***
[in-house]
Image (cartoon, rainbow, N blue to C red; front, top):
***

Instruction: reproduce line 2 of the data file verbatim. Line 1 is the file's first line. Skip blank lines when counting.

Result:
Image (cartoon, rainbow, N blue to C red; front, top):